On weekends, we had picnics at Changi beach and I always loved mum's nasi lemak with an assortment of sides. I still think it's the best nasi lemak I ever had. When we moved into our first flat in Marine Parade - a big deal as it was on reclaimed land - my (two) siblings and I shared a room and we had fun, especially with the double-decker beds!

On her wish for Singapore politics in the next 50 years:

My wish for Singapore politics would be to have continued political stability, with clean and ethical people in government.

We have come so far in 50 years based on our ingenuity, hard work, good vision and passion in building a nation together. There was no fixed model for us to follow but we created our own unique blend of Singapore politics.

I also hope our future leaders will have the same commitment and fire in their bellies, and be resourceful at grabbing all opportunities

Shaped by global crises and focused on strengthening nation against external shocks

MP Liang Eng Hwa

DBS managing director

Born March 1964

On growing up in Singapore over the last 50 years:

Our nation-building journey was never a smooth one.

During my school years in the 1970s, I would listen attentively when my primary school teacher read us the worrying newspaper headlines, which were dominated by the Cold War and - closer to home - the Indo-China conflict.

In the 1980s, the event that stood out was the severe economic recession in 1984 and 1985. I had just graduated from polytechnic and enlisted in national service.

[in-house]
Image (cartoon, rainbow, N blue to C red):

As firms started to retrench workers, the foremost concern was jobs. I recall following news of then Prime Minister Lee Kuan Yew and his ministers working intensely, trying to attract new investments and persuade multinational companies to stay invested in Singapore.

Then, in 1997, the Asian financial crisis came without warning. Our immediate neighbours suffered meltdowns in their currencies.

It was frightening to see the contagion effect and the deteriorating political situation unfolding at our doorstep.

These, and events like bilateral tensions with Malaysia in the 1990s and Sars in 2003, have shaped me to be a down-to-earth MP.

We have to depend on ourselves to defend our national interests. And it's important to have a vibrant, resilient economy that can withstand the external shocks that will come.

On his wish for Singapore politics in the next 50 years:

Singapore politics will continue to evolve, and outcomes will become more uncertain. So we must never get into this false sense of comfort that our vulnerability has disappeared.

Rather, nation-building is a never-ending journey and our politics must always be about strengthening our survivability and improving lives.

More resilient new generation, more resilient political system

Non-Constituency MP

Yee Jenn Jong

Entrepreneur

Born March 1965

On growing up in Singapore over the last 50 years:

I grew up in Opera Estate, living with my parents - both teachers - and three siblings.

Just behind our house was Kampong Chai Chee, which had some small farms. The farmers would sometimes take food waste from our house for their animals and give us eggs on festive occasions.